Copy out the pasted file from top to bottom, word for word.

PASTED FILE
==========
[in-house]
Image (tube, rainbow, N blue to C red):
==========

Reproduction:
[in-house]
Image (tube, rainbow, N blue to C red):